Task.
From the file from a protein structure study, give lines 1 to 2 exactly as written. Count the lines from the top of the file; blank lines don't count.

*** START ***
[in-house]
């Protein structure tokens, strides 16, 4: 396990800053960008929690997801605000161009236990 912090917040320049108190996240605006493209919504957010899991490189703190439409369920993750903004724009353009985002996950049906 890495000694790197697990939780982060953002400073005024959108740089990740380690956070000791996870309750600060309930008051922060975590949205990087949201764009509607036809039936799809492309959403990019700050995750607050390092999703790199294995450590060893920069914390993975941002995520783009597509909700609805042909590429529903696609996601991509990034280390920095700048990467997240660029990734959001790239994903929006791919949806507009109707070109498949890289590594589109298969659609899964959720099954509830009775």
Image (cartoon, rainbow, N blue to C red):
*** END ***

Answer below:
[in-house]
């Protein structure tokens, strides 16, 4: 396990800053960008929690997801605000161009236990 912090917040320049108190996240605006493209919504957010899991490189703190439409369920993750903004724009353009985002996950049906 890495000694790197697990939780982060953002400073005024959108740089990740380690956070000791996870309750600060309930008051922060975590949205990087949201764009509607036809039936799809492309959403990019700050995750607050390092999703790199294995450590060893920069914390993975941002995520783009597509909700609805042909590429529903696609996601991509990034280390920095700048990467997240660029990734959001790239994903929006791919949806507009109707070109498949890289590594589109298969659609899964959720099954509830009775």